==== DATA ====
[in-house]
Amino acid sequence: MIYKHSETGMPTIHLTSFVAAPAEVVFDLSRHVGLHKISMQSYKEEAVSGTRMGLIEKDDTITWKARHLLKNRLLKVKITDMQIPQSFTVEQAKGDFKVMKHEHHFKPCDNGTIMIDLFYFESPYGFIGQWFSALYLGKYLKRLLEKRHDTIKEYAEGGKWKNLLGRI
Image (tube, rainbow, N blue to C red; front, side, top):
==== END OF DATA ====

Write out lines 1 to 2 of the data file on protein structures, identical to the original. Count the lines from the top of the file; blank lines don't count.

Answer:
[in-house]
Amino acid sequence: MIYKHSETGMPTIHLTSFVAAPAEVVFDLSRHVGLHKISMQSYKEEAVSGTRMGLIEKDDTITWKARHLLKNRLLKVKITDMQIPQSFTVEQAKGDFKVMKHEHHFKPCDNGTIMIDLFYFESPYGFIGQWFSALYLGKYLKRLLEKRHDTIKEYAEGGKWKNLLGRI